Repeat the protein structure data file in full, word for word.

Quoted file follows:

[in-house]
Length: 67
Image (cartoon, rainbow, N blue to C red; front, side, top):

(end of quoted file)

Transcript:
[in-house]
Length: 67
Image (cartoon, rainbow, N blue to C red; front, side, top):